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Sovereignty Over the Waterways: Roman vs. Modern Views

Professor Richard Epstein discusses what it means for governments to hold public waterways “in trust.” Modern societies must develop and enforce rules to govern shared waters because of the high demand for the resource. Professor Epstein explains that a simple natural law system, such as Roman law, did not require this governmental oversight. The Romans had limited private usage of water and sparse population, so waterways were never overburdened. https://youtube.com/watch?v=xNlQM3KjXKs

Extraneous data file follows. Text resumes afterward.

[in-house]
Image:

Everybody now regards it as a perfectly legitimate use of the government to create rights of way in the public water. Modern writers treat this as saying as though water is owned by the state and held in a public trust. Now this is completely wrong as a matter of Roman law. Because this is a natural law system. If you're in a natural law society there is no such thing as the citizens because it turns out there is no such thing as the state. It's an absolutely open access regime to everybody in the face of the world. It's interesting when you start looking at Gaius and Justinian on this. All they tend to worry about is the basic intuition. Clearly correct, but insufficient, that no one person can damn up a river. If it turns out that there aren't a whole lot of people trying to use the river in one way or another you don't need to have any traffic rules. But the moment it turns out that transportation along a river becomes heavy, you will start to see a very powerful effort to separate people so they don't go crashing into one another. You need to have somebody to do this for the entire river and by default, it's always the state that does this. We call this public trust. Why do we use the word trust? Because the government is not treating this as though it's an outright owner of the particular property in question. It's a trustee and it's mission in this case is to maximize the value of the river for all of the people who use it. The more systematic elaboration of this tends to take place in English times. Why didn't the Romans tend to do it? Well generally speaking if you have limited private users and sparse populations, no matter how much anybody takes out of the river, if they're not diverting the whole thing there's going to be enough for everybody else to do more or less what they want. So the basic rule in allocation has always been, if it's a low intensity use, we don't try to put into case a complicated property system. We just let everybody take as much as they want. But the moment that the uses become much more systematic, the correlative duties to other individuals become much more important and we have to figure out this system. Which was done with an amazing sophistication, the simple riparian systems by the English water law as it matured, certainly by the middle of the 19th century, and a good deal earlier than that. It's a perfectly sensible legitimate use of property rights, but it's not as though this is part of the Roman system. They never got this far. It becomes part of any new system which has to deal with intensity abuses.

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